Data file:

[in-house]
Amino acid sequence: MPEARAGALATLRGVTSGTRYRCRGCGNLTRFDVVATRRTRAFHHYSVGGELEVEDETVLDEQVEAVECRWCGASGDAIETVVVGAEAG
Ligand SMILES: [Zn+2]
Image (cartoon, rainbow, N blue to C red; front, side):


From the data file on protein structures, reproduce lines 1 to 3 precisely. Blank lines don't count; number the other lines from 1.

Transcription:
[in-house]
Amino acid sequence: MPEARAGALATLRGVTSGTRYRCRGCGNLTRFDVVATRRTRAFHHYSVGGELEVEDETVLDEQVEAVECRWCGASGDAIETVVVGAEAG
Ligand SMILES: [Zn+2]